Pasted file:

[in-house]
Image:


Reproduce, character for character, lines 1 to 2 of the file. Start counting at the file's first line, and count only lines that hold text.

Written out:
[in-house]
Image: